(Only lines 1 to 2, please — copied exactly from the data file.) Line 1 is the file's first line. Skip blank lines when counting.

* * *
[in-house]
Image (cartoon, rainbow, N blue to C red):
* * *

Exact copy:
[in-house]
Image (cartoon, rainbow, N blue to C red):